In these military schools teenagers learn constitution and regulation through the strict schedule and stress on cooperation found within a military school setting. This type of environment can be very beneficial for teens in need of family help. Military schools are helpful for students who are struggling in traditional schools who have mild problems. Good academics, discipline and structure. Children with behavioral problems need focused, individualized treatment so as to help them develop the skills and strategy necessary to grow and mature into responsible adults .They use military exercises, rigorous physical training, and fear of power to transform a troubled teen into a “good soldier” who follows rules.

Military Schools are not designed to deal with teens in disaster and therefore internalization which is a critical component needed for making long lasting changes is often neglected. Parents may needlessly delay essential interventions because they think the military-style discipline is giving their teen help when it is not actually commerce with the issues that cause his or her behavior.

Military boarding schools lie somewhere between traditional boarding schools and healing boarding schools. These schools have been around for generations, and one might even look at them as some of the first programs design to intervene when teens were out of control, failing school, or disrupting family life.

These military schools do not stress therapy. They do not deal with emotional issues that underlie many adolescent behavioral problems. They highlight discipline and strict control. They resemble jails more than therapeutic intervention.

A military school will hold troubled teens accountable. Teens learn tremendous life skills, often out of doors and they learn to trust and feel part of. Their self-esteem improves and before long they have a new attitude. There is so much more, too, that a good military school will offer troubled teens.

So please explain to the viewing audience does this mean that these bootcamps are exonerated for any and all misappropriate conduct such as physical violence, severe verbal humiliation, food withheld, force marches in extreme heat and or cold ect.......Just because they said they are not responsible for the "CHILDRENS" emotional and mental well being. They are a military preparation school.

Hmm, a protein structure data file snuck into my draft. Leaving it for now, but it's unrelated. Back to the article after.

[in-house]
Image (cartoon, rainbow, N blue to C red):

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Offline Fred Thompson

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Teens learn tremendous life skills at military schools!
« Reply #9 on: July 01, 2011, 08:07:08 PM »
Quote
So please explain to the viewing audience does this mean that these bootcamps are exonerated for any and all misappropriate conduct such as physical violence, severe verbal humiliation, food withheld, force marches in extreme heat and or cold ect.......Just because they said they are not responsible for the "CHILDRENS" emotional and mental well being. They are a military preparation school.

I don't know where you are getting those ideas from Danny.  Children in this country should be required to attend military schools.  They will learn about discipline and become role models in their communities.
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Offline none-ya

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Re: Teens learn tremendous life skills at military schools!
« Reply #10 on: July 02, 2011, 05:20:12 AM »
Quote from: "Fred Thompson"
Quote
So please explain to the viewing audience does this mean that these bootcamps are exonerated for any and all misappropriate conduct such as physical violence, severe verbal humiliation, food withheld, force marches in extreme heat and or cold ect.......Just because they said they are not responsible for the "CHILDRENS" emotional and mental well being. They are a military preparation school.